Governor Terry Branstad says the bill his fellow Republicans in the legislature have crafted to change bargaining rights for public employee unions includes “many of the changes” he has wanted to make for years.
“I’m proud of the fact we have people in the legislature that are willing to do the right thing and are not going to be threatened or intimidated by anybody,” Branstad said late Tuesday afternoon. “We have a responsibility to the people that elected us.”
In 1974, Branstad was one of the few legislators who voted against the state’s current collective bargaining law for government workers and teachers in Iowa. Lieutenant Governor Kim Reynolds said the changes in this year’s bill are “necessary” because public employees in Iowa are being rewarded for “time served” rather than “merit.”
“It’s just simply not fair and it really demonstrates, I think, how far out of whack in the disparity and the differences that are taking place with the current collective bargaining law,” Reynolds said, “and how it has become in favor of the unions and their special interests.”
In a rare move, Reynolds and Branstad held an afternoon news conference with the Republican leaders in the House and Senate to discuss the legislation.
AUDIO of news conference in Branstad’s office, 23:00
House Speaker Linda Upmeyer, a Republican from Clear Lake, said this bill should be “no surprise” since House Republicans tried to make many of these changes six years ago.
“The goal is to take another look and make some changes to a process that hasn’t been looked at very thoroughly in 40 years,” Upmeyer said.
Senate Majority Leader Bill Dix, a Republican from Shell Rock, called the bill “a better deal for Iowa taxpayers.”
“The proposal before us is about local control…It gives school boards the opportunity to improve student achievement by keeping the best teachers in the classroom,” Dix said, arguing that getting rid of seniority will let school officials fire “the occasional…bad apple” in the teaching profession.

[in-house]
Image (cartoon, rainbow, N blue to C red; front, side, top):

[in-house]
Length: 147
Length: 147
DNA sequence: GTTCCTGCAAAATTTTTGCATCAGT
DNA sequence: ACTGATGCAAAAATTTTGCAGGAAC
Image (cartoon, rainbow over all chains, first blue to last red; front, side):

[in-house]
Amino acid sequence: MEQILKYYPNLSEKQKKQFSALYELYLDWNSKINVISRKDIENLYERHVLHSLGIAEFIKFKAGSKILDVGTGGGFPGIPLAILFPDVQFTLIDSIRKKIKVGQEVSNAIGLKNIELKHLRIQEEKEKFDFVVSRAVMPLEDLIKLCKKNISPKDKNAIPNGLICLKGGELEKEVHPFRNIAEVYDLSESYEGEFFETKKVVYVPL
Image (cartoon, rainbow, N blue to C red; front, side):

Tammy Wawro, president of the Iowa State Education Association, the union that represents 34,000 teachers, led a news conference with other union leaders earlier in the afternoon.
“I am beyond angry today,” Wawro said. “I am actually mortified.”
Wawro is urging union members to talk with their co-workers and explain the scope of the legislation.
“When you’re talking about removing seniority, when you’re talking about not being able even to have a conversation about what your insurance might look like, that doesn’t just impact union members,” Wawro said. “That impacts every public sector worker and employee.”
Iowa Federation of Labor president Ken Sager said it isn’t just about state employees and teachers, the bill will hit 184,00 Iowans, including those who work for cities and counties.
“There’s been an ongoing effort, an ongoing vendetta if you will to penalize the very people in this state who provide the necessary services to provide for a civilized society,” Sager said. “There’s something fundamentally wrong with that.”
Danny Homan is president of AFSCME Council 61, the union that represents the largest share of state workers and he spoke at the news conference, too.
“The Republicans in the House and Senate have cowardly crafted this legislation behind closed doors,” Homan said. “They have been hiding from those that this affects because it’s easier to betray working men and women without having to look them in the eye.”
AUDIO of unions’ news conference, 32:00
The three union leaders said they were not planning mass protests at the capitol. Instead, they’re urging union members to attend weekend forums legislators hold in their home districts. Police and fire fighters in Iowa would retain many of their current bargaining rights under the proposed legislation, but fire fighters and police officers were among the union members who flooded the capitol yesterday to object to the bill.
A subcommittee in the Iowa House will discuss this collective bargaining bill early this (Wednesday) morning. A Senate subcommittee has a two-hour meeting on the same bill scheduled to start at 11 a.m.
It appears the bill is likely to pass both the House and Senate next week. The governor has indicated he’ll quickly sign it into law.